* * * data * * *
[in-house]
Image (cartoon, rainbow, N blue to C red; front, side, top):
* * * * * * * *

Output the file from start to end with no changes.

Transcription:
[in-house]
Image (cartoon, rainbow, N blue to C red; front, side, top):